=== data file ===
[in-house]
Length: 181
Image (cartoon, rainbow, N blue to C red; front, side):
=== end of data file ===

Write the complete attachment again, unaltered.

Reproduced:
[in-house]
Length: 181
Image (cartoon, rainbow, N blue to C red; front, side):